• Chen B, Samei E. Developing a prediction model for volume quantification performance in computed tomography. Medical Physics (in press, 2014).

       

      Project title: Quantifying Variability in Measurement of Pulmonary Nodule (solid, part-solid and ground glass) Volume, Longest Diameter and CT Attenuation Resulting from Differences in Reconstruction Thickness, Reconstruction Plane, and Reconstruction Algorithm.

      PI/Institution: Kavita Garg, MD (University of Colorado)

      Status: Completed

      Publications (in preparation):

      • Scherzinger A, Garg K, Kim HJG, et al. Accuracy and Reproducibility of Semi-automated 3D Quantitative Measurements of Part-solid Nodules in a Thoracic CT Phantom. Planning submission to Academic Radiology.
      • Garg K, Scherzinger A, Kim HJG, et al. Quantitative Measurement of Part-Solid Nodule Size on CT in a Chest Phantom: Effect of Dose on Accuracy. Planning submission to Investigative Radiology-special issue

      Meeting Presentations:

      • Scherzinger A, Garg K, Kim G, et al. Quantitative Measurement of Part-Solid Nodule Size on CT in a Chest Phantom: Effect of Dose on Accuracy, RSNA 2013.

      Round 2 of funding (2012-2013):

      Project title: Extension of Assessing Measurement Variability of Lung Lesions in Patient Data Sets: Variability Under Clinical Workflow Conditions

      PI/Institution: Michael McNitt-Gray, PhD (UCLA)

      PI/Institution: David Clunie, MBBS (CoreLab Partners)

      Status: Completed

       

      Project title: Comparative Study of Algorithms for the Measurement of the Volume of Lung Lesions: Assessing the Effects of Software Algorithms on Measurement Variability

      PI/Institution: Hyun (Grace) Kim, PhD (UCLA)

      Status: Completed

       

      Project title: Impact of Dose Saving Protocols on Quantitative CT Biomarkers of COPD and Asthma

      PI/Institution: Sean Fain, PhD (University of Wisconsin, Madison)

      Status: Completed


      Round 3 of funding (2013-2014):

      Project title: Second 3A Statistical and Image Processing Analysis

      PI/Institution: Andrew Buckler, MS (Elucid Bioimaging, Inc.)

      Status: Completed

      Publications: The publication on the algorithm challenge project is complete and available at http://www.ncbi.nlm.nih.gov/pubmed/26376841

      Buckler AJ, et al. Inter-Method Performance Study of Tumor Volumetry Assessment on Computed Tomography Test-Retest Data. Acad Radiol. 2015 Nov; 22(11):1393-408. doi:10.1016/j.acra.2015.08.007. Epub 2015 Sep 14.

       

      Project title: Phantoms for CT Volumetry of Hepatic and Nodal Metastasis

      PI/Institution: Binsheng Zhao, DSc (Columbia University)

      Status: Completed


      Round 4 of funding (2014-2015):

      Project title: Methodology and Reference Image Set for Volumetric Characterization and Compliance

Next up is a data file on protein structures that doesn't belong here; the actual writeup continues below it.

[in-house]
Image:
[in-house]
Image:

PI/Institution: Ehsan Samei, PhD (Duke University)

      Status: Completed

       

      Project title: Phantoms for CT Volumetry of Hepatic and Nodal Metastasis-Yr2

      PI/Institution: Binsheng Zhao, DSc (Columbia University)

      Status: Completed


      Round 5 of funding (2015-2016):

      Project title: Reference Image Set for Quantitation Conformance of Algorithmic Lesion Characterization

      PI/Institution: Ehsan Samei, PhD (Duke University)

      Status: In progress


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      Group 3A: QIBA CT Volumetry Algorithm Comparison Task Force - Est: November 2011

      Chair

      • Maria Athelogou, PhD - (Definiens, Munich, Germany)

      Purpose: The primary aim of the QIBA Volumetric Study 3A is to estimate inter- and intra-algorithm variability of volume estimation from CT scans. Participants include academic and commercial algorithm developers.

      The study is not intended to determine which image analysis algorithm is best, but rather to assess individual algorithm performance against a defined test set of cases, providing knowledge to inform the QIBA Profile specifications.

      Activities and Deliverables

      • The algorithm challenge group (project 3A) has prepared a manuscript for publication, and secured permission to publish. A publication from the phantom data project is in the revision process after submission. The group dedicated to this project is now organizing to provide support for the upcoming “field test” of the CT volumetry biomarker profile.

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      QIBA Lung Nodule Assessment in CT Screening Task Force - Est: September 2012

      Co-Chairs:

      • Samuel G. Armato, III, PhD - (University of Chicago)
      • David S. Gierada, MD - (Washington University in St. Louis)
      • James L. Mulshine, MD - (Rush University Medical Center)